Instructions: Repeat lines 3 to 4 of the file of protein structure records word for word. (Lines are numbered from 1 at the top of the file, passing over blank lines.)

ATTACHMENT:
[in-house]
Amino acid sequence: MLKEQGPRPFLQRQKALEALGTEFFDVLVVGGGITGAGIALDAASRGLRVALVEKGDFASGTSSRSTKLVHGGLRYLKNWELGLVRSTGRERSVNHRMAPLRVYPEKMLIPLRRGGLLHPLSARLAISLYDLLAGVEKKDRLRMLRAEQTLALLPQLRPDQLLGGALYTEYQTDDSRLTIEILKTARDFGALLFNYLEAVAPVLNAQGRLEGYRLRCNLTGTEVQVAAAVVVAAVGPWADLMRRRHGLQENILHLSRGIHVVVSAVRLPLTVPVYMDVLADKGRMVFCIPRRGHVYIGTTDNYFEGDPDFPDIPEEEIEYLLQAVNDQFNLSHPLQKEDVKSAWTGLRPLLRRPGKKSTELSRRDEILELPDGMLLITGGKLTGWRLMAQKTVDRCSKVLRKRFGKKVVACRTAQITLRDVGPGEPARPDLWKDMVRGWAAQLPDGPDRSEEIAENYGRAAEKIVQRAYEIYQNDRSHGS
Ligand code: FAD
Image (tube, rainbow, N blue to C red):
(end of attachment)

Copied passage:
Ligand code: FAD
Image (tube, rainbow, N blue to C red):